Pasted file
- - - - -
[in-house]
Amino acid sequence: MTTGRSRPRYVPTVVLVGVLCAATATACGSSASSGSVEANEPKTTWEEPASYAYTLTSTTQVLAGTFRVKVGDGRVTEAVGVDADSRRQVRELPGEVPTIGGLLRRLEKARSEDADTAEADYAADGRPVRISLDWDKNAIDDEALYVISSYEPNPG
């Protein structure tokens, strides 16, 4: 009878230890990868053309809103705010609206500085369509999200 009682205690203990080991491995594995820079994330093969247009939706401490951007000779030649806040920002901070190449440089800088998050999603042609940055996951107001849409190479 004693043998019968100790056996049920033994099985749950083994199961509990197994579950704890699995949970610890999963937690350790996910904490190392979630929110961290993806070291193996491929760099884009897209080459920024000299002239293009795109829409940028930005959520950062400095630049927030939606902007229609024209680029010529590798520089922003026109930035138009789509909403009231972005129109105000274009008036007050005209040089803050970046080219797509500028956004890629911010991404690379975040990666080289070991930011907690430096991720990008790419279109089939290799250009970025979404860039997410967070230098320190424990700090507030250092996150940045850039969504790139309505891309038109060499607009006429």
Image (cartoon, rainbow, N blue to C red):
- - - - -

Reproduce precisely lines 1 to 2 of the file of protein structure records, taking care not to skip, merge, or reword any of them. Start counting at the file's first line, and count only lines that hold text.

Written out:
[in-house]
Amino acid sequence: MTTGRSRPRYVPTVVLVGVLCAATATACGSSASSGSVEANEPKTTWEEPASYAYTLTSTTQVLAGTFRVKVGDGRVTEAVGVDADSRRQVRELPGEVPTIGGLLRRLEKARSEDADTAEADYAADGRPVRISLDWDKNAIDDEALYVISSYEPNPG